The constructivist and highly general and abstract nature of this conception of law has certain important features:

      1. It is inevitably minimalist. If we discount contingent historical factors, it is very few commonalities that it will be possible to single out.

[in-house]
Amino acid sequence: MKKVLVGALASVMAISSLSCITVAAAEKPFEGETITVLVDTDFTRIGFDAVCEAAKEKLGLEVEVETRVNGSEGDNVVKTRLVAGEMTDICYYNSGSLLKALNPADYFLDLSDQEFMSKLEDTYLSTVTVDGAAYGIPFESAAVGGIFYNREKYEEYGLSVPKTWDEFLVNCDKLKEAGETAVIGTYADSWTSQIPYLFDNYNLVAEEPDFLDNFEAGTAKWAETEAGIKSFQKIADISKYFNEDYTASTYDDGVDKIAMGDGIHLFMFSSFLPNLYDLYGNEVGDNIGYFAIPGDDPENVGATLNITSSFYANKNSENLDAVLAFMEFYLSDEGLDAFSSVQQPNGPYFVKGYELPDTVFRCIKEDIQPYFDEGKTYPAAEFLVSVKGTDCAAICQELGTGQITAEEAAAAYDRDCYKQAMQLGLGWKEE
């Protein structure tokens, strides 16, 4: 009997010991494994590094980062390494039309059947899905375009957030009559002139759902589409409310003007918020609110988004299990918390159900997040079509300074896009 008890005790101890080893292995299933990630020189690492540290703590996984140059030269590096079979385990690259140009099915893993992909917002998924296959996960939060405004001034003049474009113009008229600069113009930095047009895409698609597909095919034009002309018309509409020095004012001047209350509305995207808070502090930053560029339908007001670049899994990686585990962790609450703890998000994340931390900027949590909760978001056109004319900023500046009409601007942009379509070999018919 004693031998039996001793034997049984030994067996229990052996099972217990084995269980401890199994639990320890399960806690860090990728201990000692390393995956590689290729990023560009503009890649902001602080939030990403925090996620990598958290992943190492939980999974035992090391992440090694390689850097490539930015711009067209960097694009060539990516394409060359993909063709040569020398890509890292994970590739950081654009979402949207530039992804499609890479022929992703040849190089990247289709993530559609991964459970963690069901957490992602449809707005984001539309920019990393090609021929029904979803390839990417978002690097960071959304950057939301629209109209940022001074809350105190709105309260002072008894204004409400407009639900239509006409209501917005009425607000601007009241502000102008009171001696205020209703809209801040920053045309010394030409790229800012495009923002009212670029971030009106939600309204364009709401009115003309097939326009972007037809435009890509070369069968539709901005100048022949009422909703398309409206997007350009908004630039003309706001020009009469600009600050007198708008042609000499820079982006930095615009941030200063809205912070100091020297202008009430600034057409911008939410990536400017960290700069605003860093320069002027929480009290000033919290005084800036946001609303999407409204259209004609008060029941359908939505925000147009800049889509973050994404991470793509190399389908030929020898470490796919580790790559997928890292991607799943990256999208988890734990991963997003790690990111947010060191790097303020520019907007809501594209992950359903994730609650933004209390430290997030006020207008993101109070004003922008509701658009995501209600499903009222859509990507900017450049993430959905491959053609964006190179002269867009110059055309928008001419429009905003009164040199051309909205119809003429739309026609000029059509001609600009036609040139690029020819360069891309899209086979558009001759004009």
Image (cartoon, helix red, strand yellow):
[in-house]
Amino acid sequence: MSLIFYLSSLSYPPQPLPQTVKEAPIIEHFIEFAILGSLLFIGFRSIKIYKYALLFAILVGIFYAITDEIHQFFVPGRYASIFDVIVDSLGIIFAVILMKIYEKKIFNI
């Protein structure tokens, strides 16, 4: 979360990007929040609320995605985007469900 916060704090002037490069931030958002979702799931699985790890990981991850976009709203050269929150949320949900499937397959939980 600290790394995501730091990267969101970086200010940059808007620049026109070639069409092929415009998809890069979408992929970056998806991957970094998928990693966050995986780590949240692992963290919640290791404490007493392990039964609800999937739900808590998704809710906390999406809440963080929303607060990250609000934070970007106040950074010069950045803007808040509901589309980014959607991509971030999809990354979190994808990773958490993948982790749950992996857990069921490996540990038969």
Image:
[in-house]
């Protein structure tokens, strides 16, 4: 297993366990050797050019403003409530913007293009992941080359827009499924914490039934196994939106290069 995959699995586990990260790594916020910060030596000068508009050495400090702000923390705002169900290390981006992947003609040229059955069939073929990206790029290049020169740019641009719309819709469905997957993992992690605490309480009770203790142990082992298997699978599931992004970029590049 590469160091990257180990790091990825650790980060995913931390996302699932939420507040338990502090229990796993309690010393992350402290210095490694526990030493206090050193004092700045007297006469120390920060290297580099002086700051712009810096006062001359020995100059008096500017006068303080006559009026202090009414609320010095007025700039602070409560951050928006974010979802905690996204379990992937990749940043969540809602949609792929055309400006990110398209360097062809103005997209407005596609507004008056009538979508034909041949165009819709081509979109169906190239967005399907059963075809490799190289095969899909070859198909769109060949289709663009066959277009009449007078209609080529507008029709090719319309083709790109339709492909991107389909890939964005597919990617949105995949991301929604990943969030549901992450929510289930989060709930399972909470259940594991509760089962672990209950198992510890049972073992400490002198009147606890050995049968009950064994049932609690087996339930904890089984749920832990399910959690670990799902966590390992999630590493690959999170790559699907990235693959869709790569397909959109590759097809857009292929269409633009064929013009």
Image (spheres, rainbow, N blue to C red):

2. It raises the interconnected claims to formality and neutrality. That it is formal does not mean that it is not historically indexed. In other words, it is not to say that the legal pluralist conception of law claims that it is possible to draw the framework of legality in an a-contextual way. In that sense it is not neutral because it could be otherwise in radically different contexts. But it is neutral in the more salient sense of drawing law’s outer boundaries in a way that will not determine law’s content. In fact, not remaining neutral is not an option for legal pluralist theory. This follows from the presuppositions of engaging in enquiry into the conditions of law in the first place. Taking an interest in the regulatory regimes of others already presupposes that the observer holds the group under observation as capable of setting, applying and following rules to govern their coexistence and that they are not prey to coercion or other external (or internal but unmediated by reason) pressures, over which they cannot exercise any control. Recognising this capacity to respond to rules has a central practical consequence: it obligates the enquirer to form her enquiry in a way that will not usurp or undermine that capacity of the groups under observation. And the only way of doing so is by starting from as thin a sense of law as possible, without furnishing it with any content.